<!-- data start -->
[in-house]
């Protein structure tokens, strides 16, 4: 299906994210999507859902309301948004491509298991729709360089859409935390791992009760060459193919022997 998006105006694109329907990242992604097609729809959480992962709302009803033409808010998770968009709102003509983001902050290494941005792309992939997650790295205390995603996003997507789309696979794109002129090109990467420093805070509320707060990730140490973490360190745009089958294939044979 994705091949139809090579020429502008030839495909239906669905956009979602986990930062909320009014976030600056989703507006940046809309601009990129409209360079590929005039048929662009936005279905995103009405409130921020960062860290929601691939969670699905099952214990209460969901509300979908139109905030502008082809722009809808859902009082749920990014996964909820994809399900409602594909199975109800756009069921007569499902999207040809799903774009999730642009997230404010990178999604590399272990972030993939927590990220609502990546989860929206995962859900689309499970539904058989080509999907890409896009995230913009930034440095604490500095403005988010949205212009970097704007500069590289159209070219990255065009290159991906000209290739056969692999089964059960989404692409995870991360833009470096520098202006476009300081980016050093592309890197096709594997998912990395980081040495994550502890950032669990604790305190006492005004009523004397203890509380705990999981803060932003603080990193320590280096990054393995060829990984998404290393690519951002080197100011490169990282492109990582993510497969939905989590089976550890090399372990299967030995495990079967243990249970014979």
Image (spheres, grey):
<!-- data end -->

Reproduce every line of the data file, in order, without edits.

[in-house]
């Protein structure tokens, strides 16, 4: 299906994210999507859902309301948004491509298991729709360089859409935390791992009760060459193919022997 998006105006694109329907990242992604097609729809959480992962709302009803033409808010998770968009709102003509983001902050290494941005792309992939997650790295205390995603996003997507789309696979794109002129090109990467420093805070509320707060990730140490973490360190745009089958294939044979 994705091949139809090579020429502008030839495909239906669905956009979602986990930062909320009014976030600056989703507006940046809309601009990129409209360079590929005039048929662009936005279905995103009405409130921020960062860290929601691939969670699905099952214990209460969901509300979908139109905030502008082809722009809808859902009082749920990014996964909820994809399900409602594909199975109800756009069921007569499902999207040809799903774009999730642009997230404010990178999604590399272990972030993939927590990220609502990546989860929206995962859900689309499970539904058989080509999907890409896009995230913009930034440095604490500095403005988010949205212009970097704007500069590289159209070219990255065009290159991906000209290739056969692999089964059960989404692409995870991360833009470096520098202006476009300081980016050093592309890197096709594997998912990395980081040495994550502890950032669990604790305190006492005004009523004397203890509380705990999981803060932003603080990193320590280096990054393995060829990984998404290393690519951002080197100011490169990282492109990582993510497969939905989590089976550890090399372990299967030995495990079967243990249970014979």
Image (spheres, grey):